> Date: Sat, 30 May 2020 15:46:31 +0200
> From: Daniel Westergren <wes...@gmail.com>

> *An additional issue:*
> 6. sac_scale is currently the only tag (possibly together with mtb:scale)
> to denote the difficulty of a hiking trail (that is, the way, not the
> route). But it's very geared towards alpine trails and there is not enough
> nuance in the lowest levels. Could the Yosemite Decimal System (YDS),
> Australian Walking Track Grading System and others complement or expand on
> sac_scale?

  As a climber, I don't think we'd want to apply YDS to hiking trails.
To me, YDS should only used for technical routes requiring equipment
(usually). I think "mountain_hiking" is what you can do without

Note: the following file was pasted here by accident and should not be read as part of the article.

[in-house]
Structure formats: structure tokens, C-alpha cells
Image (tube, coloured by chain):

equipment, even if occasionally using your hands for balance.
"alpine_hiking" is when I'm up near or above treeline, often in snow or
large scree fields. A fuzzier category are climber access trails that
most hikers shouldn't use. We have many of those around here.

> Would this be a fair summary? What have I missed? Who is interested in
> continuing this work in a smaller group? Or should we continue to spam this
> mailing list?

  I'd be interested in a working group on this, as my map data and maps
are used by multiple rural fire departments and SAR groups. You wouldn't
be surprised by how many people we rescue that misjudged the trail
difficulty... For us though, looking at the subtags helps determine the
type of response and equipment. sac_scale is a bit open to
interpretation based on one's experience, but better than nothing.

        - rob -

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